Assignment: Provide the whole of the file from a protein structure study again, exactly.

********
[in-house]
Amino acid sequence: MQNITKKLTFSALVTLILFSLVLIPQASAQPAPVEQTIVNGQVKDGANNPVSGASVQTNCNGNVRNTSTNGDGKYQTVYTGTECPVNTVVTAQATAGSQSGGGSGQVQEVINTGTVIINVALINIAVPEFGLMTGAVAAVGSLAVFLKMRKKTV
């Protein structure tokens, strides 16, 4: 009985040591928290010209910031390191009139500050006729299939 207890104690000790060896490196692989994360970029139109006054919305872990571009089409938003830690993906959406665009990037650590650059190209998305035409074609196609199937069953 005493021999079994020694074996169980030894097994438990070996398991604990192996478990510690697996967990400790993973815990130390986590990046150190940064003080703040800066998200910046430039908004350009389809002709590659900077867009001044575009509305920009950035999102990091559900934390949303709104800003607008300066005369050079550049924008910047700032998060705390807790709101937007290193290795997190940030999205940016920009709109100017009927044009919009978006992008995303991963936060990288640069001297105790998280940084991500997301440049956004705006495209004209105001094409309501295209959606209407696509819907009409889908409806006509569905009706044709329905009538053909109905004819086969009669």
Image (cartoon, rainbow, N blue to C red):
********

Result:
[in-house]
Amino acid sequence: MQNITKKLTFSALVTLILFSLVLIPQASAQPAPVEQTIVNGQVKDGANNPVSGASVQTNCNGNVRNTSTNGDGKYQTVYTGTECPVNTVVTAQATAGSQSGGGSGQVQEVINTGTVIINVALINIAVPEFGLMTGAVAAVGSLAVFLKMRKKTV
């Protein structure tokens, strides 16, 4: 009985040591928290010209910031390191009139500050006729299939 207890104690000790060896490196692989994360970029139109006054919305872990571009089409938003830690993906959406665009990037650590650059190209998305035409074609196609199937069953 005493021999079994020694074996169980030894097994438990070996398991604990192996478990510690697996967990400790993973815990130390986590990046150190940064003080703040800066998200910046430039908004350009389809002709590659900077867009001044575009509305920009950035999102990091559900934390949303709104800003607008300066005369050079550049924008910047700032998060705390807790709101937007290193290795997190940030999205940016920009709109100017009927044009919009978006992008995303991963936060990288640069001297105790998280940084991500997301440049956004705006495209004209105001094409309501295209959606209407696509819907009409889908409806006509569905009706044709329905009538053909109905004819086969009669």
Image (cartoon, rainbow, N blue to C red):